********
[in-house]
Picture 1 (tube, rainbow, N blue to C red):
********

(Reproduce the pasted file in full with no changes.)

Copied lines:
[in-house]
Picture 1 (tube, rainbow, N blue to C red):